Indexed on: 01 Jun '14Published on: 01 Jun '14Published in: Sleep Science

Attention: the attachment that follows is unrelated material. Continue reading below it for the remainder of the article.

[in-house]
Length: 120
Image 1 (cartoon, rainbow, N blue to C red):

The aim of this study was to identify chronotypes of medical students at the Federal University of Paraíba (UFPB) and its relationship to quality of sleep, daytime sleepiness, age, sex and season of birth.The final sample consisted of 221 students, assessed by four questionnaires: demographic questionnaire, Morningness-Eveningness Questionnaire (MEQ), Pittsburgh Sleep Quality lndex (PSQI) and Epworth Sleepiness Scale (ESS).There was a statistically significant difference between groups with respect to chronotypes and PSQI score (p<0.0005), but not with excessive daytime sleepiness. A significant negative correlation was found between the scores of MEQ and PSQI (rho=-0.3, p<0.0005), demonstrating that the greater the eveningness, the worse the sleep quality. It was observed that 51.6% of students were classified as indifferent chronotype, 61.5% had poor quality of sleep, while 42.1% had excessive daytime sleepiness. Sex and season at birth did not differ between chronotypes.These findings demonstrate that the evening chronotype was associated with poor quality of sleep in medical students, but not with increased daytime sleepiness, with potential impairment to their academic performance and quality of life.